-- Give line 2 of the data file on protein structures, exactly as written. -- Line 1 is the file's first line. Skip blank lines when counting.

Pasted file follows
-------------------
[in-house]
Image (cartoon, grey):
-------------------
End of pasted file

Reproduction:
Image (cartoon, grey):